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Rangers stay alive on Ryan McDonagh's overtime goal in Game 5

Ryan McDonagh of the New York Rangers celebrates

Ryan McDonagh of the New York Rangers celebrates his overtime goal against the Washington Capitals during Game 5 of the Eastern Conference Semifinals at Madison Square Garden on Saturday, May 8, 2015. Credit: Jim McIsaac

By the slimmest of margins, the Rangers will live to play another game.

"We're still breathing and we are going to go into Washington on Sunday and give it our best shot," coach Alain Vigneault said after the Blueshirts staved off playoff elimination at home in dramatic fashion Friday night, beating the Washington Capitals, 2-1, on captain Ryan McDonagh's goal at 9:37 of overtime after Chris Kreider tied the game with 1:41 left in regulation.

With their backs against the wall, the Rangers scored two clutch goals against Braden Holtby, who had another remarkable game with 41 saves.

The Rangers trail the Eastern Conference semifinals series 3-2. Game 6 is tomorrow in Washington, where the Rangers have scored one goal in two losses.

"Going home now, there's a lot of pressure on them," said Henrik Lundqvist, who made 28 saves. "I know for sure they don't want to come back here for another game. So we'll try to use that to our advantage and go out and try to play our best game of the series."

It was ninth straight time that the Rangers have avoided elimination at Madison Square Garden, but it turned out to be another playoff game decided by one goal, the 12 straight dating to last year's Stanley Cup Final.

McDonagh's winner, the team's third in overtime this spring, came after Jesper Fast batted down a Capitals pass attempt in mid-air and sent the puck to Derek Stepan. McDonagh took a drop pass from Stepan, who had also set up Kreider in about the same area of the ice, near the left faceoff circle, and fired.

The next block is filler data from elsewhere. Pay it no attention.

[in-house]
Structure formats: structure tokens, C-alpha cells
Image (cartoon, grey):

His wrister hit defenseman Tim Gleason and went past Holtby. "We had to regroup, our season was on the line," McDonagh said. "I was joining the play, and I knew I had a lot of time. Step pump-faked and was able to drop it."

"It looked like he [Stepan] was going to shoot it," said Holtby. "I lost him a bit with bodies in front. I saw he dropped it back and I didn't know where it went. I heard it hit a stick and that was it."

Stepan knew what he was doing: "My initial thought was shot. There was just too much traffic. I saw him [McDonagh] before, then I did hear him call for the puck. It's good to get the ball rolling. We can enjoy this for about 10 minutes, then concentrate on Sunday."

Kreider forced overtime when he took Stepan's feed and fired from his knees. The puck ticked Brooks Orpik's skate to tie the game at 1. "Kreids was able to make a nice play on the entry and gets himself open," said Stepan. "The way he shoots he can beat a lot of goalies from there."

Curtis Glencross had given the Caps a 1-0 lead at 10:54 of the third on a breakaway after Keith Yandle pinched and Tom Wilson knocked the puck away from Kevin Klein. Lundqvist made the initial save, but Glencross knocked his own rebound over the fallen goalie.

The Rangers had come out flying, outshooting the Capitals 14-4 halfway through the first period. But there were plenty of close calls in the second. Stepan's rebound from the left side, with a mostly open net from 20 feet away, was tipped high when Mike Green lunged with his stick at 3:10. Holtby robbed St. Louis twce, once from the low slot with his glove at 7:08. Kreider's rebound of his own shot on the power play got through Holtby, but with the puck rolling toward the line, Matt Niskanen swept it away.

The Caps got a puck past Lundqvist with 2:09 left in the second. Niskanen's long shot, with Joel Ward battling with McDonagh in front, bounced off Ward, but contact was made with Lundqvist. A review confirmed goaltender interference.

"It's just a big relief," Lundqvist said about the comeback. "We work so hard to get the looks and to try to score goals and when you do, at such an important time in the game and the season, it's a big relief."

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